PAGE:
I love surprising, contrasting flavor combinations. Pour me a jalapeno-passion fruit martini, hot chocolate laced with chili powder, or a handful of chocolate covered pretzels any day and I will be quite pleased. I love being surprised with each bite or sip and discovering new combinations that I never would’ve dreamed would work well together.
So, it’s not a surprise that the words “salted” and “caramel” in the same sentence generally cause me to jump with joy. (When they are mixed, also, with the word “chocolate,” I enter my red zone, a scary, yet delicious place that we’ll have to discuss another day.)
The most incredible salted caramel combination that I’ve had the pleasure of enjoying was the ice cream at Molly Moon’s in Seattle last summer. That stuff was crazy. It was the most creamy, delicate, vibrant flavor of ice cream I’d ever had. The caramel and salt were balanced perfectly, toying almost hyperactictively with each other, and the flavors exploded, together, with each spoon full. I somehow managed to give Scott a taste without putting him into a head lock when he asked if he could try it. (I’m notoriously bad at sharing. Ask my mom.) I remember reaching the end of that cup of ice cream and wanting to turn back and go for seconds, but after a roasted onion sandwich at Paseo for lunch that day, and then the ice cream, there wasn’t room for much else.
It seems that the salted caramel combination is pretty popular these days, but I’ve found that it’s not always done properly. At its best, the combination is a welcome revelation, but the rest of the time, it sort of tastes like there might be maple syrup hiding beneath the surface or, worse, there is barely any detectable salt present. That’s a real shame.
When I acquired a bundt pan recently, thanks to a Williams Sonoma gift card from my grandparents (thanks!!) I wasn’t sure what to make in it first. Chocolate cake? Pumpkin? Sweet potato?!?!And then I saw a recipe for a salted caramel bundt cake, and my search was over.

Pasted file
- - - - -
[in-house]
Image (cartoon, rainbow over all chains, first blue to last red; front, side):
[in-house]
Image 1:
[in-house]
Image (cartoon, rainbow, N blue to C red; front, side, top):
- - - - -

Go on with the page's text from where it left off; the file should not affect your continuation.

This cake has an inherently subtle sweetness and elegance that makes it very approachable. It’s the sort of thing you can walk over to and taste a bite of, without feeling like you’re going to overwhelm yourself with decadence. The caramel is smooth and silky on top of the moist cake, and the salt is a little surprising at first, popping through the sweetness of the caramel, reminding you, in a not-so-subtle way that it’s there.
Baking the cake itself is a relatively straight forward process and doesn’t require all that much work besides dropping ingredients into the stand mixer and whirling away. The one bit of advice I can offer here is that you should try your best not to over mix the batter. It’s perfectly light and fluffy when mixed properly, but as soon as you go a little too far, you run the risk of making the cake too dense. Stop mixing the batter a few seconds before all of the dry ingredients are combined with the wet. Then finish it off carefully by stirring with a wooden spoon.
I didn’t use a candy thermometer to make the caramel and it turned out just fine despite this being my first time experimenting with it. The key to the caramel is to keep whisking and to not be afraid of it. (It’s bubbling, AHH!!!!!!!) As long as you’re on top of it and paying attention to it, the sugar will melt with the butter, form a luscious, thick caramel, and then you’ll remove the pot from the heat and gently mix in the cream. (Don’t do as I did, though, and be tempted to to stick your finger in the caramel pot once you think it’s cool. Ouch. Beginner’s mistake.)
I could hardly notice the faint burn in my finger when I sat down to take a bite of this cake, though. It was certainly worth the trouble.
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